- Three-fourths (75%) of Basotho say the Constitution should be amended to allow the King to have more say on issues of national importance. Support for expanding the King’s powers is strong regardless of respondents’ location, gender, and political- party affiliation.
- Three-fourths (75%) of Basotho say the involvement of Lesotho’s security forces in politics should decrease, including 64% who believe such involvement should decrease “a lot.”
- Two-thirds (66%) of Basotho say the country should switch from a proportional- representation to a majoritarian electoral system in order to ensure a single-party government rather than a coalition government. Three-fourths of respondents say coalition governments are more unstable (76%) and have more difficulty getting things done (76%) than one-party governments.
- A majority of Basotho welcome the SADC’s involvement in the country’s processes to reform its political system (63%), electoral system (60%), and security forces (67%).
- Lesotho’s political upheavals may be taking a toll on citizens’ appreciation of elections: The proportion who say the country should choose its leaders through regular, open, and honest elections plunged from 73% in 2014 to 48% in 2017.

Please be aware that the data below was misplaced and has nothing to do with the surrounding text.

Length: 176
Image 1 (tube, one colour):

Lesotho experienced the third wave of democratization with the end of military rule in 1994, a new Constitution, and multiparty competition. A mixed member proportional (MMP) parliamentary system introduced seven years later was hailed as a remedy for political violence and instability.
In practice, however, the past decade has been marked by unstable coalition governments, active engagement by security forces in political processes, and Southern African Development Community (SADC) interventions in 1998, 2012, and 2014 to re-establish peace and order (Matlosa & Pule, 2010; Benyera, 2017). Each major episode draws public outcries of frustration and calls for action on the part of the Monarchy, even though the country has a constitutional monarchy with very limited powers. In response to SADC recommendations, the new coalition government has undertaken multi-sectoral reforms with an eye to returning the country to stability.
As the reform process moves forward, Afrobarometer survey findings shed some light on citizens’ perceptions and preferences with regard to the process and its outcomes. Findings show that a majority of Basotho welcome SADC involvement in the reform process and want greater powers for the King, less political involvement by security forces, and a return to a majoritarian electoral system that will help the country avoid ineffective coalition governments. A dramatic drop in popular support for elections may give added urgency to reform efforts.